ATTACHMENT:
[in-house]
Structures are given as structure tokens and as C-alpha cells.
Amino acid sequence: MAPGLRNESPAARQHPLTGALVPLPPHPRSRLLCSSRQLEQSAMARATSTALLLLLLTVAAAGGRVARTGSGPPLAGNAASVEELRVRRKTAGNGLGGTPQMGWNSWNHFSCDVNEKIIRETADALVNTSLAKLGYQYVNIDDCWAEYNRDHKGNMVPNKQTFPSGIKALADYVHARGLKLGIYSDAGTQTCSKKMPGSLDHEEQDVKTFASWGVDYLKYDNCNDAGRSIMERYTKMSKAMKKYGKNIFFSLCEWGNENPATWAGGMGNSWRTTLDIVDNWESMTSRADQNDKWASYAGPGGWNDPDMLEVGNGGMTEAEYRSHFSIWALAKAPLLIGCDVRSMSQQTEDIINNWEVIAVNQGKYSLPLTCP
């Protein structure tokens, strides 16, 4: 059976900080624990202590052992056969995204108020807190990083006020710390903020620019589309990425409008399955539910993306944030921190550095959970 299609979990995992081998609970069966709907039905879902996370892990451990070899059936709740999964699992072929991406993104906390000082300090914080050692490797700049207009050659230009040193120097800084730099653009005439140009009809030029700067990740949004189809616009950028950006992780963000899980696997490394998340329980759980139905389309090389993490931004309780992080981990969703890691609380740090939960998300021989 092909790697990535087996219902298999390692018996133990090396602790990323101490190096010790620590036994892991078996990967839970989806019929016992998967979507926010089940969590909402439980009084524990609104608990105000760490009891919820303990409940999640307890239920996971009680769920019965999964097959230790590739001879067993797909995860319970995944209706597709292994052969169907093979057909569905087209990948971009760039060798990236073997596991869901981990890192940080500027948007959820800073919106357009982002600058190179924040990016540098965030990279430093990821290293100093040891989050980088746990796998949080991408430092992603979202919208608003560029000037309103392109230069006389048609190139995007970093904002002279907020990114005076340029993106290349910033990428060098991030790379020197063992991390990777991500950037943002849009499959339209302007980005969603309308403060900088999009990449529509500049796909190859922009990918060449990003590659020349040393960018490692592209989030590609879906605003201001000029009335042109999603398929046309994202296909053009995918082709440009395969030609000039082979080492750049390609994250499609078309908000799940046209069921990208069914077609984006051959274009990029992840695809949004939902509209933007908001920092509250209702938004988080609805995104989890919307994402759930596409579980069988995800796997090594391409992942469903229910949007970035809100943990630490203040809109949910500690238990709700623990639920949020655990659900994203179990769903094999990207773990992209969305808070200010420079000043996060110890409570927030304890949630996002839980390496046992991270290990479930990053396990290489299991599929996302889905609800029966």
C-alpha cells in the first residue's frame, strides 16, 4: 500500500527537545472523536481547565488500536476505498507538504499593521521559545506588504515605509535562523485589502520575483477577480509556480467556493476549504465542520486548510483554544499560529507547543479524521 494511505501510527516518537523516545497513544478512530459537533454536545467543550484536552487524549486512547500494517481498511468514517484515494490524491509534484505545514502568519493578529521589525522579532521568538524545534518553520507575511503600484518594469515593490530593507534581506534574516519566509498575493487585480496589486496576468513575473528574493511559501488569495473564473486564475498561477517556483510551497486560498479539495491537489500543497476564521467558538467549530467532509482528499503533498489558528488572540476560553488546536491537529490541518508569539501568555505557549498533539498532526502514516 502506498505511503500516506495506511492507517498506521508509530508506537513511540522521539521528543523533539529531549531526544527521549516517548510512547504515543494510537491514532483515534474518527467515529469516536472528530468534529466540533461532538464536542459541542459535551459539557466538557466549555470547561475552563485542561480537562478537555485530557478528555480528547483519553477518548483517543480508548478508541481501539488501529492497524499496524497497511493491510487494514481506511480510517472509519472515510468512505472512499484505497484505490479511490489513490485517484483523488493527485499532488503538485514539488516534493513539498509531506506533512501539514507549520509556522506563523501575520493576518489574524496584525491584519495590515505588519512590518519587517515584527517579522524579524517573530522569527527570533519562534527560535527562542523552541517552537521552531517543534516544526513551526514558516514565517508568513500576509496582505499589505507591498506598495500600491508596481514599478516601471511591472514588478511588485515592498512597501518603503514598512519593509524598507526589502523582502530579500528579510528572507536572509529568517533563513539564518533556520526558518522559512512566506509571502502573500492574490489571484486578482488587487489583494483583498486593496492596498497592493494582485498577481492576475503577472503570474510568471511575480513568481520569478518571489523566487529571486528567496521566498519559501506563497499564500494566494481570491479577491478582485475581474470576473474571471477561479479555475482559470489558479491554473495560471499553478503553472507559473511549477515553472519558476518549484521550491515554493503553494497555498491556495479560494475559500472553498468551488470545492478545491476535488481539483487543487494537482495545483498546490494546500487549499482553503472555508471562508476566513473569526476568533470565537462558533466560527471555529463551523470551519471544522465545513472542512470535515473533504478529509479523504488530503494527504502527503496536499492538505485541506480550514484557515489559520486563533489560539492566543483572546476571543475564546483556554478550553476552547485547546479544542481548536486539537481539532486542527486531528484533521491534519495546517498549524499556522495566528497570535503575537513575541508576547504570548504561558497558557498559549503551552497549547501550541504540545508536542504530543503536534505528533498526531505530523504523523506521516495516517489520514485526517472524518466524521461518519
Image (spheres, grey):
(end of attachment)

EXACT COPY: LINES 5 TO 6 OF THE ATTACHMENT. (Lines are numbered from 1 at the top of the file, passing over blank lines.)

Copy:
C-alpha cells in the first residue's frame, strides 16, 4: 500500500527537545472523536481547565488500536476505498507538504499593521521559545506588504515605509535562523485589502520575483477577480509556480467556493476549504465542520486548510483554544499560529507547543479524521 494511505501510527516518537523516545497513544478512530459537533454536545467543550484536552487524549486512547500494517481498511468514517484515494490524491509534484505545514502568519493578529521589525522579532521568538524545534518553520507575511503600484518594469515593490530593507534581506534574516519566509498575493487585480496589486496576468513575473528574493511559501488569495473564473486564475498561477517556483510551497486560498479539495491537489500543497476564521467558538467549530467532509482528499503533498489558528488572540476560553488546536491537529490541518508569539501568555505557549498533539498532526502514516 502506498505511503500516506495506511492507517498506521508509530508506537513511540522521539521528543523533539529531549531526544527521549516517548510512547504515543494510537491514532483515534474518527467515529469516536472528530468534529466540533461532538464536542459541542459535551459539557466538557466549555470547561475552563485542561480537562478537555485530557478528555480528547483519553477518548483517543480508548478508541481501539488501529492497524499496524497497511493491510487494514481506511480510517472509519472515510468512505472512499484505497484505490479511490489513490485517484483523488493527485499532488503538485514539488516534493513539498509531506506533512501539514507549520509556522506563523501575520493576518489574524496584525491584519495590515505588519512590518519587517515584527517579522524579524517573530522569527527570533519562534527560535527562542523552541517552537521552531517543534516544526513551526514558516514565517508568513500576509496582505499589505507591498506598495500600491508596481514599478516601471511591472514588478511588485515592498512597501518603503514598512519593509524598507526589502523582502530579500528579510528572507536572509529568517533563513539564518533556520526558518522559512512566506509571502502573500492574490489571484486578482488587487489583494483583498486593496492596498497592493494582485498577481492576475503577472503570474510568471511575480513568481520569478518571489523566487529571486528567496521566498519559501506563497499564500494566494481570491479577491478582485475581474470576473474571471477561479479555475482559470489558479491554473495560471499553478503553472507559473511549477515553472519558476518549484521550491515554493503553494497555498491556495479560494475559500472553498468551488470545492478545491476535488481539483487543487494537482495545483498546490494546500487549499482553503472555508471562508476566513473569526476568533470565537462558533466560527471555529463551523470551519471544522465545513472542512470535515473533504478529509479523504488530503494527504502527503496536499492538505485541506480550514484557515489559520486563533489560539492566543483572546476571543475564546483556554478550553476552547485547546479544542481548536486539537481539532486542527486531528484533521491534519495546517498549524499556522495566528497570535503575537513575541508576547504570548504561558497558557498559549503551552497549547501550541504540545508536542504530543503536534505528533498526531505530523504523523506521516495516517489520514485526517472524518466524521461518519
Image (spheres, grey):